Rose care

Rose care



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We take care of the roses

The rose is a shrub that can have various bearing, there are about two thousand species; below we will explain some useful and indispensable phases and operations to cultivate them at their best.


Exposure

As mentioned before, there are many roses, but before buying a plant we must know the specific needs of that species and compare them with the possibilities and availability we have, for example the climate of the area where we want to plant it, the soil more or less suitable etc. There are some species that really like the sun and some that prefer the shade and so on. It will therefore be good to get advice from the experts who are in the nurseries.

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Cultivation

Growing roses is not difficult, just follow a few simple steps.

When we buy a rose plant to transplant in our garden, we have to perform some operations; when we remove the roses from the sales container, we must first of all check and eliminate any weak or damaged roots, after which we can proceed with the planting. This operation will take place, depending on the climatic zone, in October or January-February. Before carrying out the planting, the soil will be worked and mixed with manure and peat; the rose plants will be buried at a depth of about four to five centimeters at a distance of seventy centimeters which will become one meter for roses with a sapling development, these will also need support. After transplanting the roses, they will need to be watered. If the plant develops suckers, i.e. branches from root buds, they should be cut.


Soil and watering

The most suitable soil for the cultivation of roses is very well drained, as this plant also fears water stagnation, fertile, rich in limestone, of medium texture; roses need plenty of water especially in the warmer seasons. The best way to bring it is through the base of the plant as, if the leaves and flowers are wet, they could be victims of fungal attacks.


Fertilization

Roses should not be fertilized often, it will be enough to add manure to the base of the plant every two years or so during the spring period.


Pruning and topping

As for the pruning operation, even here it can vary according to various factors: the species, the variety, the climate, etc., in general we can say that it is necessary to remove dry or damaged branches and to contain the development of the plant; it is performed when the rose is not in the vegetative phase by making an oblique cut about six centimeters from the bud, it is good to respect this distance, cuts too close or too far away could damage the plant. If our rose is a bit weak, we will proceed with a massive cut to stimulate the plant to produce stronger branches; if, on the other hand, we have a vigorous and strong rose, we will make a light cut.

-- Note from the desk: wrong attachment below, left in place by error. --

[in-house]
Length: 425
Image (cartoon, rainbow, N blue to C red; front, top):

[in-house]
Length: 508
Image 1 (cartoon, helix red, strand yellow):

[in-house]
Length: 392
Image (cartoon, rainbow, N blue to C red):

Topping is a sort of adjustment that is made to the plant to regulate its shape and make it harmonious and regular, but it is also very useful for encouraging the development of new lateral buds. We can carry out this operation when the plant emits buds or later when the branch has become wood; in both cases about twenty-five centimeters of stem will be cut, only in the first we will have a production of a few stems, in the second of many.


Collection

Once the roses have been harvested, they must be immediately placed in water which must be a little acidic and, possibly, not tap water as it is rich in limestone.


For potted roses

As we all know, the best cultivation for roses is in the open ground, although potted cultivation is also possible; for this use it will be better to choose dwarf species or in any case that do not reach an exaggerated height.

First of all, it will be necessary to choose the vase, this choice will be made according to the height of our rose; for example, a vase with a capacity of three to five liters will be fine for roses that reach a maximum height of forty centimeters, while it must be at least forty liters if we grow climbing species.

When the roses emit new buds, they will need to add fertilizer (better solid as it releases slower than liquid) rich in potassium and phosphorus, in doses of one-two grams per liter of soil for two-three times at each flowering.